As illustrated in FIG. 21, the proximal portion 14 may comprise a series of depressions 225 formed on the medial side of the stem component 11. The depressions are configured and dimensioned to contact the medial portion of the bone such that bone ingrowth may be stimulated.

It should be noted that each of the above-described components may be used in conjunction with one another or in a combination with other specific features to create a device 10 that may be specifically tailored to the anatomical needs of each patient. For example, referring to FIGS. 5 and 6, the following features may be used in combination with one another: (i) the proximal conical flare 50; (ii) the anteverted modular neck 30; (iii) the anterior metaphyseal tapering flare 80; and (iv) the coronal slot 60. It should be noted, however, that one of skill in the art may modify the invention to include more or fewer features in the overall femoral prosthetic device 10 than has been illustrated in FIGS. 5 and 6 without departing from the scope of the present invention. For example, it will be appreciated that an integral neck 30 may be used in place of the modular neck 30, or a twisted or helical slot 62 may be used in place of a coronal slot 60, and one of ordinary skill in the art may modify the invention to provide such combinations.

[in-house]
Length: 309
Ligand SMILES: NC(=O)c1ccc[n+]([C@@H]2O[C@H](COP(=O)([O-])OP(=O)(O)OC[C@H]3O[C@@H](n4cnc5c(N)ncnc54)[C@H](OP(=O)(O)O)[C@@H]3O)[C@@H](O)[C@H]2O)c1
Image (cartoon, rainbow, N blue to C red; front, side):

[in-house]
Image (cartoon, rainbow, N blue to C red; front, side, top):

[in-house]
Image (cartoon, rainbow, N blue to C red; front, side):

In accordance with the features and combinations described above, a useful method of implanting a femoral prosthetic implant into a patient's hip joint by a surgeon includes the steps of:

(a); reaming a hole in a femur to expose the medullary canal of said femur;

(b) ascertaining the anatomy of the patient;

(c) determining the combination of intrinsic features to be used to simulate the anatomy of the femur and to resist torsional loads increasing the intrinsic stability of the device, including the following features: (i) a modular, indexable neck; (ii) an appropriate angle of anteversion; (iii) a proximal conical flare having a rounded bottom contour; (iv) an anterior metaphyseal tapering flare; (v) a straight stem; (vi) a curved stem; (vii) a straight coronal slot; and (viii) a helical slot;

(d) selecting an appropriate device having the appropriate combination of features; and